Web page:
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Building Better Communities

The Associated’s Commitment to Baltimore.

Building Better Communities

The Associated’s Commitment to Baltimore.


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A student finally opens up and moves past her abused childhood; Jewish and African-American teens work together to find social justice solutions; a former immigrant pays it forward.

These individuals, engaged in the programs of The Associated: Jewish Federation of Baltimore, represent Baltimore’s future. With a 100-year legacy in Baltimore City, The Associated is committed to ensuring the community’s long-term success.

Transforming Lives

In the more than 10 years that Danielle Bagonis has taught at Morrell Park Elementary/Middle School, she can’t remember a project that has made such an impact on her students. She’s seen how it’s changed lives—how a student, once raped by a family member, finally opened up and sought help, or how another student with an eating disorder realized schoolmates cared about her health.

Last year, Danielle and her eighth-grade students participated in Morrell Park: PROJECTED, a collaboration between the Jewish Museum of Maryland (JMM) and film students from The Johns Hopkins University. For several months, the students learned about storytelling, producing films about their lives that premiered at the JMM.

These powerful films exposed deep feelings and helped many understand themselves better. Danielle believes the project worked because of the trust developed between the eighth graders, Hopkins students, and museum.

“Many of these kids are used to people letting them down. If you build trust, they will do anything for you.”

The program was so successful, not only in helping students tell their story, but also in exposing them to technology and new parts of their community, that it will be implemented for the second year at Morrell Park and also at Graceland Park-O’Donnell Heights Elementary/Middle School.

Danielle recalls Marvin Pinkert, executive director of the JMM, speaking at the premier about why a museum would care about inner-city students’ stories. “He said, ‘It’s not about religion, race, or socio-economics. Everyone has a story worth hearing.”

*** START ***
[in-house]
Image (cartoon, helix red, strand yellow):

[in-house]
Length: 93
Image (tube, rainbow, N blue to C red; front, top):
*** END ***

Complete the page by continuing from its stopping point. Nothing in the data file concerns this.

Working for Social Justice

When Bella Saunders started her high school junior year, she didn’t realize there were food deserts, urban areas where it was difficult to buy affordable, nutritious food. It wasn’t until she became a Social Justice Teen Fellow, a joint program between the Baltimore Jewish Council (BJC) and the Elijah Cummings Youth Program (ECYP), that she was determined to showcase the problem.

This year, Bella, who is Jewish, worked with a small group of predominantly African-American and Jewish teens to develop a “food desert” simulation for a Teen Summit for the Fellowship program. They encouraged participants to make a list of what their families commonly purchase, then took these lists throughout the room. They found foods available at corner stores, mini-marts, and liquor stores to help participants understand the far-reaching effects of food injustice.

The Teen Summit, keynoted by Democratic Congressman Elijah Cummings, was the capstone to a nine-month program that brings together 26 Jewish and African-American high school students to build greater understanding across racial and religious backgrounds. The hope is that they will be better prepared to talk about racism, anti-Semitism, and social justice.

“People bring their own experience and perspective to how they look at the world,” Saunders says. “If we want solutions, particularly today in our polarized society, we need to know we can talk about issues in a safe environment. And that is what this program does.”

Paying it Forward

Natalya D. understands what it’s like to struggle. Twenty-six years ago, when she and her family arrived in Baltimore from the former Soviet Union, they weren’t sure how they were going to put food on the table. Finding a job was not going to be easy—no one really spoke English.

Yet, Natalya admits she and her family were fortunate. The Associated and its network of agencies introduced them to community members, arranged for the family to learn English, helped her parents find a job, and set her on a course for a college education.

Two decades later, much has changed for Natalya. And she wants to return the favor.

“I wanted to help others, so I turned to the organization that once helped my family. I am working with Jewish Volunteer Connection (JVC).”

JVC works with local nonprofits to fill their volunteer needs. They connected Natalya to Baltimore Hunger Project (BHP). Each week, Natalya travels to Patterson Park, delivering bagged lunches to Head Start preschoolers living in this impoverished part of the city.

“It means a lot to the children and families here at Patterson,” says Lashawna Spencer, family services coordinator at DaySpring Head Start. “Children are always excited to receive their bags. It’s a big help that BHP assigned us a dedicated volunteer who is friendly, persistent, and caring.”

Image: Farrah Arnold, Earth Street Photography

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